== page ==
The preseason grind is officially over for the No. 18 Ohio State Buckeyes as they prepare to tip off the season tonight against the Cincinnati Bearcats in Value City Arena.
Ohio State and Cincinnati are meeting to start the season for the second consecutive year; Ohio State won last year’s contest, 64-56, in Cincinnati.
During Tuesday’s media availability, head coach Chris Holtmann said he has tremendous respect for the Cincinnati program, which he called “consistently one of the best programs in the country.”
“I’ve called this the most challenging opener that I’ve been a part of, in large part because of how much respect we have for their program,” Holtmann said.
Expectations have been mixed for Ohio State, who returns experience in brothers Andre and Kaleb Wesson, as well as Kyle Young, but will also rely heavily on a deep group of underclassmen. Part of that group will be the heralded freshmen class of D.J. Carton, E.J. Liddell, Alonzo Gaffney, and Ibrahima Diallo, which ranked as the Big Ten’s best recruiting class.
Carton, the headliner of that class, will pair with Florida State transfer C.J. Walker to give Holtmann more scoring potential at the point guard position than he has had since taking over in Columbus.
Buckeye fans got their first look at Carton last week when the team played Cedarville in its lone exhibition game of the season. Carton’s dynamic scoring ability was on full display in that game, albeit against lesser competition, and how Holtmann chooses to deploy him will be among the developments to keep an eye tonight and throughout the early portion of the schedule.
Of course, the Ohio State offense will continue to go as Kaleb Wesson goes, as was the case, at times painfully, last season. Kaleb Wesson has transformed his body this offseason, dropping 34 pounds and entering the season in the best shape of his life. The added stamina should go a long way in allowing him to stay on the floor more, and while on the floor, playing with better energy.
“I definitely felt better,” Kaleb Wesson said of his first game action last week following the offseason weight loss, adding he was able to catch his breath and regroup faster during timeouts. “I definitely feel lighter on my feet in terms of getting up, as well as guarding smaller guys around the perimeter.”
Asked about the added draw of opening the season against Cincinnati, Kaleb Wesson said, “It’s an Ohio thing. (Playing) against guys you played against in high school, AAU, just growing up with them. You see those guys in college, it means a little something extra.”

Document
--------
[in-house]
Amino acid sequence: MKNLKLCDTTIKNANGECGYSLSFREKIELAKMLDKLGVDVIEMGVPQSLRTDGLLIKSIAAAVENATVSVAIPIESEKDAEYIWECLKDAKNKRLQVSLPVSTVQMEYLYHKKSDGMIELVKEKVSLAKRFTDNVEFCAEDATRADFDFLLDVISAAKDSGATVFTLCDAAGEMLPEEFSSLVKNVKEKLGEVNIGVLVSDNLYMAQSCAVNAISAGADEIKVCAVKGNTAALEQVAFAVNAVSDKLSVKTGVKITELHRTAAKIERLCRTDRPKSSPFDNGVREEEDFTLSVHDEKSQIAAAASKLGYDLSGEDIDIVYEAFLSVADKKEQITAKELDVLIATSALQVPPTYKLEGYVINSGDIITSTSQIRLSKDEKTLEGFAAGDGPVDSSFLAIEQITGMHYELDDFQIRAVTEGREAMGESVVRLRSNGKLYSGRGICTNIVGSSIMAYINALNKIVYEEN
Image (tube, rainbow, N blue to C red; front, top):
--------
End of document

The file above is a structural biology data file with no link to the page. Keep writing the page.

Young added of playing Cincinnati, “It makes it a little more intense. Last year, playing at their place, they came out with a packed house. It was rocking, so we have to have the same thing (tonight). We hope a lot of people come out and support.”
Cincinnati’s program is going through a transition period as John Brannen takes over for Mick Cronin, who spent 13 years at the helm for the Bearcats before taking the head coaching position at UCLA.
Brannen spent the past four seasons at Northern Kentucky, where he led them to NCAA Tournament appearances twice. He will have the luxury of coaching the reigning AAC Player of the Year award winner in guard Jarron Cumberland, who returns for his senior season after averaging just under 19 points and 4.4 rebounds per game last year.
Junior guard Keith Williams was forced into a larger role last season and responded nicely, averaging 10 points per contest, good for second behind Cumberland.
Tre Scott brings quality size to the Bearcats’ lineup at 6-foot-8-inches tall, and he, too, significantly upped his productions totals last season as he moved into the starting lineup. Scott averaged 9.3 points and 6.9 rebounds per game in the 2018-19 season.
In addition to its returning talent, Cincinnati added four new players via the transfer portal, including Cumberland’s cousin, Jaevin, who averaged nearly 19 points per game last season at Oakland.
Holtmann said the experienced additions Cincinnati added to its returning roster is why he feels the Bearcats are well-positioned to have an excellent season.
Another player to keep an eye could be freshman Zach Harvey, who comes to Cincinnati as its highest-ranked recruit of last year’s class and one of the top guard recruits in the entire country.
When asked if he expected more of an offensive-minded Cincinnati team than in years past when the Bearcats were known for their defensive tenacity under Cronin, Holtmann said the team has more scoring options on its roster than it did last year, but its style of play is hard to predict.
Holtmann said playing Cincinnati in the opener is a bit of a “guessing game” in that they know the personnel they will see, but in what ways they will be utilized in a new system is still an unknown.
“That will take some feeling out on our part because we’re just not sure,” Holtmann said of what to expect.
Tip-off for the game is scheduled for 8:30 p.m. and will be broadcasted nationally on FS1.